(This article was written in anticipation of the ALLi organized session at Frankfurt Book Fair on this topic and will be updated with the developments. It has been inspired by ALLi and the articles written by Orna Ross.)
Cutting edge technology is usually here to solve problems we never knew we had at the first place. There is much less talk, however, about problems that have been around for a while and have finally become close to being solved.
Some of the problems creative industry as a whole is facing concern author payments, licensing and rights. With an amazing amount of ‘free’ content available (speaking of music on Youtube or Spotify, news and other types of journalistic content, books and images), it is hardly traceable how and when the creators will get paid. With an astonishingly long chain between writers and readers, creators and audience, it is only a fraction of the money that gets back to the original creators of the IP. Not to mention that in addition to taking a big slice of the cake, end-distributors use data and advertising revenue generated mainly by content they don’t own – this data and revenue is never redistributed.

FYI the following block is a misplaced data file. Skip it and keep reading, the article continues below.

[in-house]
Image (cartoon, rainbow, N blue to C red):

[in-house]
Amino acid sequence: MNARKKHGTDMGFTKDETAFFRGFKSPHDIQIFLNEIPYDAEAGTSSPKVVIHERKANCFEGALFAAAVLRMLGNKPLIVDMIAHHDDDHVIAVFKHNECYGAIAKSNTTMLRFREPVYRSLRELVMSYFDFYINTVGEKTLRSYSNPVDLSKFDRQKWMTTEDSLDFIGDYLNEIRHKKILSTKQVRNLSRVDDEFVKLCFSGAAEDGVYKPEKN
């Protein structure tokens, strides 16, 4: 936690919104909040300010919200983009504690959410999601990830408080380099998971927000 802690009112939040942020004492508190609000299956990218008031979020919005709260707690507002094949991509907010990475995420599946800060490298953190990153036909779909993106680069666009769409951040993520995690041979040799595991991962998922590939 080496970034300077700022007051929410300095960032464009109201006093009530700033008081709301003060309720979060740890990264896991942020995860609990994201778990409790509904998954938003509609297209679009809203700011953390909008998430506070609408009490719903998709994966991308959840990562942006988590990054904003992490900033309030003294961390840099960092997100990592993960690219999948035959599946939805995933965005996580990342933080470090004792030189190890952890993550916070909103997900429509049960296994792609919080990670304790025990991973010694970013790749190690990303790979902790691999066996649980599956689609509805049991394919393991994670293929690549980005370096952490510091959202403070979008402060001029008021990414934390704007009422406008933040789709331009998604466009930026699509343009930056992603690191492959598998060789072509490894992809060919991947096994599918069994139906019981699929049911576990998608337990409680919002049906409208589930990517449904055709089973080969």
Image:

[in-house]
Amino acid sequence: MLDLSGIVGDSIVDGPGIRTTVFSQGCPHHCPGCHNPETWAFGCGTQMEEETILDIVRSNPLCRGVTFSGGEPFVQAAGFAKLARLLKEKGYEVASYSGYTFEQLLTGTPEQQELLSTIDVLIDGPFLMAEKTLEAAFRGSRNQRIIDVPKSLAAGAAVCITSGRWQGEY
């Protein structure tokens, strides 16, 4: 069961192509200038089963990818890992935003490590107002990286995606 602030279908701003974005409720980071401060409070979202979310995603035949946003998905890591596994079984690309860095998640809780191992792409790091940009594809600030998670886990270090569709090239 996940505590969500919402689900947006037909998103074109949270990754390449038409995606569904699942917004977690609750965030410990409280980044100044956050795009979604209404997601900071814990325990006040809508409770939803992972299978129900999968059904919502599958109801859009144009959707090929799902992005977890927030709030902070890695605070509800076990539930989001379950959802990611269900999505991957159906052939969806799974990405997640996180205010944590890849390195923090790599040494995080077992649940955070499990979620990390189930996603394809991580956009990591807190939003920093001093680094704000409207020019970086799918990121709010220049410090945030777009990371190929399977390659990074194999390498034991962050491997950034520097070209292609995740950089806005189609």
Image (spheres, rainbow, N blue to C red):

On the other hand, licences are difficult to get hold of. If I would like to find a picture for illustration purposes, I can search certain databases for free-to-use images and then hope that the information is correct. While the creative commons standard improved this area a lot, there is still a lot of unauthorized use. (This could be due to mechanisms being mistaken and only partially automatized.)
Unauthorized use can range from posting a cool gif on tumblr without crediting the original creator (as there is literally no way to find it) to obvious theft. It is not only end-user piracy content creators are afraid of, but monetizing stolen IP. There is always the option of better DRM. But does it really solve the problem?